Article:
How Do You Manage Diversity to Create Inclusion and Excellence?
- Diverse, inclusive colleges and universities are important components of students’ development.
There is growing evidence that diverse, inclusive colleges and universities are essential to students’ intellectual and personal/social development (Gurin, Dey, Hurtado, and Gurin, 2002; Ambrose et al., 2004).
- Benefits of a diverse student population do not automatically emerge from a diverse student population but evolve from intentional interactions organized by educators.
Researchers stress that institutions must become inclusive places by working in intentional ways to increase educational benefits for students and for the institution (Milem, Chang, & Antonio, 2005).
Gurin, Dey, Hurtado, and Gurin (2002) note that “In order to foster citizenship for a diverse democracy, educators must intentionally structure opportunities for students to leave the comfort of their homogeneous peer group and build relationships across racially/ethnically diverse student communities on campus” (p. 363).
Colleges and universities routinely work to improve program quality and educational excellence but, according to Milen, Chang, and Antonio (2005),
- there is a failure of institutions to include diversity as a meaningful part of their excellence efforts.
- “. . . education leaders routinely work on diversity initiatives within one committee on campus and work on strengthening the quality of the educational experience within another. This disconnect serves students—and all of education—poorly” (Milem, Chang, & Antonio 2005, p. vii).
Ambrose et al. (2004) noted that the students’ previous experiences and ideas are challenged during college years, which leads to becoming a more fully developed person. According to the authors (Ambrose et al., 2004):
- A diverse campus is an important factor in that development, providing opportunities for students to interact with people of other races and ethnic groups, without which their self-development would be limited.
- Institutions need to go beyond numbers only or structural diversity to proactive means of increasing benefits of diversity.
Some key practices to promote inclusion include the following (Luo and Jamieson-Drake, 2009):
- Strengthen interactions of faculty and undergraduates;
- Seek ways to increase interracial interactions;
- Revise and expand residential, dining, and social areas in ways to support interactions;
- Adopt inclusion policies, including opening campus activities to all students (e.g., Greek-letter organizations and other groups that inhibit members from racial and social interactions); and
- Evaluate whether the institution is communicating a positive message about diversity as an institutional priority.
- Work to create a positive campus climate;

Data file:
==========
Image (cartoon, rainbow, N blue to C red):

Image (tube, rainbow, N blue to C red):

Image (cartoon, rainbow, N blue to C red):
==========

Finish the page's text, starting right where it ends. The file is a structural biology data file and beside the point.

- Increase diversity as a process to improve learning rather that an exercise to reach a percentage of students, faculty, and staff from underrepresented groups; and
- Establishing core campus goals that support inclusion and excellence.
- Institutions of higher education must create interventions that maximize the benefits of inclusion by challenging students to think critically about their assumptions, seek out knowledge, and develop informed perspectives (Gurin, Dey, Hurtado, & Gurin, 2002).
Activities designed to promote diversity are not viewed favorably by many faculty groups but note that faculty who believe their department is committed to diversity (rather than the university) are more likely to incorporate such material into their curriculum (Mayhew and Grunwald, 2006).
To increase participation in activities designed to promote diversity, institutional planners make participation more attractive by offering release time, stipends, or honoraria for faculty who participate in diversity-related workshops and who incorporate diversity-related materials into their course content (Mayhew and Grunwald, 2006).
The following excerpts are taken from Hidden Bias: A Primer, an article published by Tolerance.org, a project of the Southern Poverty Law Center. The entire article can be found at http://www.tolerance.org/hidden_bias/index.htm . The excerpts are printed with permission from Tolderance.org and adapted by R. Rhys, Diversity Resource Office.
If people are aware of their hidden biases, they can monitor and attempt to ameliorate hidden attitudes before they are expressed through behavior. This compensation can include attention to language, body language, and to the stigmatization felt by target groups.
- Shared Problem Solving - Integration, by itself, has not been shown to produce dramatic changes in attitudes and behavior. But many studies show when people work together in a structured environment to solve shared problems through community service, their attitudes about diversity can change dramatically.
- Imagining strong women leaders or seeing positive role models of African Americans has been shown to, at least temporarily, change unconscious biases.
According to the Teaching Tolerance Website, “We would like to believe that when a person has a conscious commitment to change, the very act of discovering one's hidden biases can propel one to act to correct for it. It may not be possible to avoid the automatic stereotype or prejudice, but it is certainly possible to consciously rectify it” (http://www.tolerance.org/hidden_bias/tutorials/04.html, ¶11).
To learn more, visit Southern Poverty Law Center’s Tolerance.Org